Configuring Syslog on Cisco Routers

As part of any management and audit solution for networking, Syslog is vital.

Syslog messages allow us to track system error messages, exceptions, and other information, such as device configuration changes.

It allows for historical reporting, depending on the application keeping the logs, as well as help in fault finding.

Cisco devices support 8 levels of logging information from Facility level 0 through 7

Emergency 0
Alert 1
Critical 2
Error 3
Warning 4
Notification 5
Informational 6
Debug 7


To enable Syslog 2 things are required

  1. Configuration on the device to send Syslog messages
  2. An application that will receive the messages and store them in a database.


In the below live demo, you will see my putty screen with my telnet session into my router, and behind it you will see my Syslog application. There are many of these products on the market, each with its own pro’s and con’s, so use whatever you prefer. In my Live demo I am using an application called  ‘Syslog Watcher Personal Edition’, it’s a very easy to use application and is freeware. You will notice after I configured logging on the router, the log messages appear in my application.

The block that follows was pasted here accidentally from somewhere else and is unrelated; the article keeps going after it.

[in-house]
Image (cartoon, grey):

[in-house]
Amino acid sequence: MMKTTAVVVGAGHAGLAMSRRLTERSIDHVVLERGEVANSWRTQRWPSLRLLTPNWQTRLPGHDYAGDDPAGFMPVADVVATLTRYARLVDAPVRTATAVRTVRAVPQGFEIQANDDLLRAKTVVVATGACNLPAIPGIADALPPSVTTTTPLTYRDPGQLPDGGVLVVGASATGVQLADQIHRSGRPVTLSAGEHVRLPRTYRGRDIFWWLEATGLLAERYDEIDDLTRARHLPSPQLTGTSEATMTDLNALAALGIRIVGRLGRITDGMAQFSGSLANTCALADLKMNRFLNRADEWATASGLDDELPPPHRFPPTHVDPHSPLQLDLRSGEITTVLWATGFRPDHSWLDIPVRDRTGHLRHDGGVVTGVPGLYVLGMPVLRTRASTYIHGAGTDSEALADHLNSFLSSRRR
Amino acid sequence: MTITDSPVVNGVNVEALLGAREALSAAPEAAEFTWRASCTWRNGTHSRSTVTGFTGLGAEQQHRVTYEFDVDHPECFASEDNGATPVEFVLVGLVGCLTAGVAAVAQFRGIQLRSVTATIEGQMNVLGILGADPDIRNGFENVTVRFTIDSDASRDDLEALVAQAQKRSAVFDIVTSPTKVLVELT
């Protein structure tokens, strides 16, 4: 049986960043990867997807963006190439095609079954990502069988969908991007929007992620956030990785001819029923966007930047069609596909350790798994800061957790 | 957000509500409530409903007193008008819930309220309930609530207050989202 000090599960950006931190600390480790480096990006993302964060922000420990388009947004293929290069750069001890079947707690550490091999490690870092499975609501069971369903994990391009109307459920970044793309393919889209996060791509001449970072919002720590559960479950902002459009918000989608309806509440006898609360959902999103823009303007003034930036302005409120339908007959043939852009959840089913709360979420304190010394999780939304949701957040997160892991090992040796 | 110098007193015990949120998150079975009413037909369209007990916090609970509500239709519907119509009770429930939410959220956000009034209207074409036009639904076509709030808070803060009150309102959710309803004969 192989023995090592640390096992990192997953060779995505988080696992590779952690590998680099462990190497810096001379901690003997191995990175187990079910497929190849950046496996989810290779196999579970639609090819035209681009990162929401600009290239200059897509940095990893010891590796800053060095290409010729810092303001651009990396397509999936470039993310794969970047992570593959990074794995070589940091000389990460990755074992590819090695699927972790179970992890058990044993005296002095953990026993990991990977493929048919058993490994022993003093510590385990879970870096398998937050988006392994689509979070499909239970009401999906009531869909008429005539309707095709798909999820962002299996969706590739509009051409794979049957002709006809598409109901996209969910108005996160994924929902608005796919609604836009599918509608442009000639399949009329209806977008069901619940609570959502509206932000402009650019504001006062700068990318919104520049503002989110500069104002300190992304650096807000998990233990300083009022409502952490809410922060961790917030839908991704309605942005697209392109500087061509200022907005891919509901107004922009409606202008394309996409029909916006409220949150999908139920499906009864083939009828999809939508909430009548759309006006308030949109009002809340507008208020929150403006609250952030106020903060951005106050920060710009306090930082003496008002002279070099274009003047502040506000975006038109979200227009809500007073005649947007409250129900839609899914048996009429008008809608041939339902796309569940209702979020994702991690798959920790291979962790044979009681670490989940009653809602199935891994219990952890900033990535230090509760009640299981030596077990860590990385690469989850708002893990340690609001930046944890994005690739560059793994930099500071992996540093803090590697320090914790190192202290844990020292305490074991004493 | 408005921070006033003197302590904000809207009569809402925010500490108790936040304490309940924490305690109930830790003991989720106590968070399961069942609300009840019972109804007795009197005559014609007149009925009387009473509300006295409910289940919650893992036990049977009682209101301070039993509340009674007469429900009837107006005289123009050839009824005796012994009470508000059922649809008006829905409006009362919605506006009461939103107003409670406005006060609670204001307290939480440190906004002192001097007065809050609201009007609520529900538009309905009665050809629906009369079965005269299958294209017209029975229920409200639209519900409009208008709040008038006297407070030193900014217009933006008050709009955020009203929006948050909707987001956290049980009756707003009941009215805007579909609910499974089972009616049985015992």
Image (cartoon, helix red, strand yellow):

The command breakdown for the live demo is as follows

AOIP.ORG# conf t

Enter global configuration mode

AOIP.ORG(config)# logging

This instructs the router to send Syslog messages to my application, hosted on a machine with the IP

AOIP.ORG(config)# logging trap info

I have chosen to have level 6 messages sent to my application.


Additionally I could have used the ‘service timestamps log datetime localtime’ command to force the time on the logs.

If you still do not see any log messages after using the above commands, make sure that logging has not been disabled on the device. To force logging on a Cisco device use the ‘logging on’ command.




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